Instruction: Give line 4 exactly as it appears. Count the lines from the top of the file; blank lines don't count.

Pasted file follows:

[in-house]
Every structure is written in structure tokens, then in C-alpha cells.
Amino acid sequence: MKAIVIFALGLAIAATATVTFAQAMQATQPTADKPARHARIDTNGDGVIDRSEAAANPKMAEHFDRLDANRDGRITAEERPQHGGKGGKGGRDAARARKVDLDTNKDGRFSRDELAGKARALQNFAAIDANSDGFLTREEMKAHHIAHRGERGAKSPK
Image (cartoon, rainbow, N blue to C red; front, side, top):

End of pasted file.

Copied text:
Image (cartoon, rainbow, N blue to C red; front, side, top):